You can remove this barrier to entry but it may well kill you…
Published on: 02 May 2012
Any organisation that can create a barrier to entry which prevents new competitors entering the market can, in theory, keep prices high.
Economies of scale (think Airbus or Boeing), branding (think Apple) and distribution channels (think Coke) are all excellent examples of barriers to entry but one of the toughest barriers to break through are government licenses.
If a licence is needed to operate in that industry then that is the ultimate barrier. After all, without the license the company can’t operate.
Japan is the home of sushi and as you would expect some of the top sushi restaurants can be found in Tokyo.
Sushi is fish and we all know that fish is healthy for you. It may come as a surprise then that one particular sushi delicacy in Japan could end up killing you rather quickly if it is prepared incorrectly.
Certain parts of the poisonous blowfish are considered by many to be the ultimate in sushi. It tastes gorgeous although to be honest I’ve never tried it so I’m taking somebody else’s word for this.
I’ve never tried it because I’ve never had the opportunity although even if I did have the opportunity I would have a few doubts. The reason is that as well as the edible parts of the fish, some of the organs of the fish are filled with poison called tetrododoxin which is more deadly than cyanide.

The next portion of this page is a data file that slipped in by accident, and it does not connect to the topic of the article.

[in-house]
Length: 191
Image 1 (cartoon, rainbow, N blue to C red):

Now, if you’re eating blowfish then one thing for sure is that you want the chef to know what he or she is doing. You don’t want them making a little slip of the knife and including by mistake some of the poison as before you have a chance to say “does this fish taste a bit funny to you?” you would be on your way to a quick death.
The Japanese government have therefore heavily regulated this part of the sushi industry and there are only a handful of locations that have a licence to prepare and serve blowfish.
In October though new laws are coming into place which remove the need for a licence (or to use business strategy terminology, remove a barrier to entry).
So the good news for anyone that fancies trying some of the blowfish is that it’s likely to become a bit cheaper after October. The question though is whether price will be the key decision making factor when people are deciding to eat a meal which if prepared incorrectly could quickly kill you…